What’s been happening in the racing industry around the world

Roaring Lion, pictured winning the Juddmonte International at York last August, will serve a full book of mares at Cambridge Stud in New Zealand in the coming breeding season

The weekly TRC industry digest - a round-up of international racing news from the past week.


Apprentice dies after racetrack pile-up

Europe: French racing is mourning the death of 21-year old apprentice jockey Romane Brizard who died in hospital after receiving a blow to the head in a four-horse pile-up at Blain-Bouvron-Le Gave racecourse in the west of France.    

Brizard worked for trainer Pierre Fertillet at Nozay near Nantes. She had ridden two winners in 2019 out of a career total of six from 92 rides dating back to 2015. 

The incident involved three other jockeys. Tom Lefranc and Alexis Gautron both escaped without major injury, but Corentin Berge suffered a double fracture to the jaw.

Enable’s return is put back

Europe: Dual Arc winner Enable will miss her intended return to action at Royal Ascot in June and will be instead targeted at the Eclipse Stakes at Sandown Park on July 6.

The 2017 Epsom Oaks heroine has not been to the track since becoming the first Arc winner to follow up at the Breeders’ Cup in Kentucky last November, when she won her seventh G1 in the Longines BC Turf.

“Following a piece of work on the Limekilns [in Newmarket] this morning, both John Gosden and Frankie Dettori feel that Royal Ascot will come too soon for her,” said Teddy Grimthorpe, racing manager to Enable’s owner, Prince Khalid Abdullah. “Her main target remains the Prix de l’Arc de Triomphe.”

Enable’s 2018 campaign was also much delayed - she did not reappear until September before winning the Arc just over four weeks later.

William Buick sidelined

Europe: World #7 jockey William Buick has revealed he is suffering with ‘post head injury syndrome’ after being unseated going to post for a six-furlong handicap at Ascot on May 10.

The 30-year-old rode a full book of rides the next day, but he felt unwell that evening and on medical advice went himself to Addenbrooke’s Hospital in Cambridge for tests.

“That treatment is now ongoing, and I am undergoing further tests,” said Buick. “I am setting myself no time frame to return and the situation will be monitored on a weekly basis.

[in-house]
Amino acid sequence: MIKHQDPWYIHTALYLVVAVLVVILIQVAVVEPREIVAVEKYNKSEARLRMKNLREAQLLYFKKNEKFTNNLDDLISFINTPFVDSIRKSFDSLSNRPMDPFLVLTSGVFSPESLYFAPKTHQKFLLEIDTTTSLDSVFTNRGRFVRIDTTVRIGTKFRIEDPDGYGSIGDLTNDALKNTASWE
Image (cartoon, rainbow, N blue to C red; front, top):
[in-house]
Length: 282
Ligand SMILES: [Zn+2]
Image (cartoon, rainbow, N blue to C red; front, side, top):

“It's extremely disappointing to be missing such an important part of the season but I need to be 100 per cent when I do return.”

Historical racing machines bring Churchill purse boost

North America: Churchill Downs will raise purse offerings 10.7 percent for the second half of its 38-day Spring Meet thanks to business from historical racing machines at Derby City Gaming. 
Effective from Thursday (May 30), the Spring Meet's second condition book, which covers 183 races from Thursday through closing day on June 29, has a $1.1 million increase in overnight races above the Spring Meet’s record-breaking first condition book.

The growth has been driven by Kentucky Thoroughbred Development Fund money generated through handle on historical racing machines in Derby City Gaming's initial year of operation. 

Allowance races will range from $97,000 to $104,000. Last year, purses paid during the 372-race Spring Meet totaled $22.2 million, or $585,000 daily.

All sold out: Roaring Lion is all the rage down under

Oceania: New Zealand's Cambridge Stud has closed the 2019 book for its star freshman sire, 2018 Cartier European Horse of the Year Roaring Lion.

“From the moment the horse was released to the market, the response from breeders in both New Zealand and Australia was immediate and we are now closing his book,” Cambridge Stud chief executive Henry Plumptre said.

“Bringing champion racehorses of the calibre of Roaring Lion and Almanzor into New Zealand, to stand alongside our champion international sire Tavistock, at very competitive service fees is a key component of our business model.” 

Fastnet Rock mare is Magic Millions sale-topper

Oceania: G1-placed mare Missrock was the sale-topper on day 1 of the 2019 Magic Millions Broodmare Sale. The hammer fell at A$2.3 million for the 5-year-old daughter of Coolmore’s Fastnet Rock, with UK buyers John and Jake Warren - who oversee all Queen Elizabeth II’s racing and breeding interests - the successful bidders.

“I did the bidding on behalf of John and Jake Warren from the United Kingdom, obviously agents for the Queen, although I’m not sure this mare is for the Queen,” said Magic Millions’ Barry Bowditch. “They came out for the weanling sale and stayed around and looked at a few mares Friday and Saturday. Obviously they earmarked her as one of the mares of the sale."

Global Glamour topped the second day when selling to a syndicate headed by Coolmore’s Tom Magnier for A$1.55 million. She was the sole seven-figure lot sold on day 2 after five mares reached A$1 million or more during the race fillies and mares session on Tuesday.


Elsewhere in global news …

North America: Retired jockey and trainer Frank Barroby has been named 2019 recipient of the Avelino Gomez Memorial Award, presented every year at Woodbine on Woodbine Oaks day (June 8 this year), recognising the recipient’s contributions to Canadian racing. More here

Europe: Shadwell has announced the launch of a new educational scholarship programme, which promotes employment and careers in the Thoroughbred breeding industry and will run in conjunction with Writtle University College (WUC) in Essex. The scholarships offer an entry point into the stud sector, combined with the chance to work with the future and current stars of racing. More here

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